Photo: Candace Crawford Learn to Train

Key Concepts

Ski racers participate in local club races exposing ski racers to all disciplines of ski racing including speed elements, dual/team and ski cross kombi events. Ski racers are beginning to understand the tactics involved in ski racing as they learn more about the sport of ski racing in a fun and playful environment that promotes self-discovery. 

Opportunities to participate in multiple types of events focused on skill development and retention is highly encouraged. Competitions are inclusive, fun and skill based. At the end of the Learn to Train stage, participants may choose to progress towards becoming more competitive in the Train to Train stage.

  • Ski racers are still in the discovery stage while they continue to develop and consolidate their fundamental movement and skiing skills.
  • Ski racers are introduced to deliberate practice and begin to develop their understanding of tactics and strategy in a formalized ski racing environment along with a continued emphasis on skiing skill development.
  • During this stage, a ski racers coordination of movement becomes more consistent in a variety of environments both on and off-snow as they consolidate their fundamental skiing skills.
  • Ski racers should participate in Snow Stars Levels 3 – 5 skill evaluations on a regular basis.
  • In the winter months, ski racers should strive to attain as many days on snow as possible by participating in a structured ski club three days per week and skiing with parents as often as possible to increase mileage.
  • Ski racers are encouraged to ski from the ski area opening day to closing day each season and participate in one to two short summer camps on-snow. 
  • Ski racers should always strive to achieve 180 minutes of physical activity per day with 60 of those minutes spent completing some vigorous physical activity. Parents should limit screen time. 
  • Ski racers are encouraged to complete a warmup that includes movement preparation activities that promote the overall development of physical literacy.
  • Activities should include significant time for repetition, require minimal correction allowing ski racers to test their limits and improve their abilities through self-discovery experiences safely.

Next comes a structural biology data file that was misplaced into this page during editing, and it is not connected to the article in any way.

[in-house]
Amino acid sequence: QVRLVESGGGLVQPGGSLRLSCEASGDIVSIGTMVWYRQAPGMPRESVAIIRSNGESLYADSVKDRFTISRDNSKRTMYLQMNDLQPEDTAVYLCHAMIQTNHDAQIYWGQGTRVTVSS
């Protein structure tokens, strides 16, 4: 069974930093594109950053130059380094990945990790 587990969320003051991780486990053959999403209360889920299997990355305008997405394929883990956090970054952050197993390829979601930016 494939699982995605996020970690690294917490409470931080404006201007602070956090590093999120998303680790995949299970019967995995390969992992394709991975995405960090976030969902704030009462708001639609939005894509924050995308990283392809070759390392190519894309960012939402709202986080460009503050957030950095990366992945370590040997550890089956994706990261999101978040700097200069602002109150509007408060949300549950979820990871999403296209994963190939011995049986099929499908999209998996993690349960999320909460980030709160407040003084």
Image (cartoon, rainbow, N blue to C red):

• Activities should be helping ski racers build confidence in a variety of ski environments and simple tactical environments on-snow. 
  • Off snow, ski racers should develop confidence by engaging in regular physical activity in both structured and unstructured environments.
  • Emphasize the overall development of the ski racers physical capacities, fundamental movement skills and the ABC’s of athleticism: agility, balance, coordination and speed.
  • Continue to encourage your ski racer to engage in unstructured play outside of formal activities.
  • Promote key values: fun, inclusion, fairness.
REFERENCES:

ACA LTAD Training and Competition Focus Matrix

ACA LTAD Training and Competition Volume Matrix

ACA LTAD  SX Progression Matrix

ACA LTAD Para-Alpine Progression Matrix

Higgs, Colin & Way, Richard & Harber, Vicki, Jurbala, Paul, Bayli, Istvan. (2019). Long-Term Development in Sport and Physical Activity 3.0 - Final Draft January 2019. Canadian Sport for Life. ISBN: 978-1-927921-62-3. 

Sport for Life - Long-Term Athlete Development 2.1

Long Term Athlete Development Information for Parents presented by the Coaching Association of Canada

Developing Physical Literacy: A guide for parents of children ages 0 to 12

Actively Engaging Women and Girls

Sport for Life No Accidental Champions: LTAD for Athletes
with a Disability (2nd Edition)

Sport for Life for all Newcomers to Canada

Sport for Life Aboriginal Long–Term Participant Development Pathway 1.1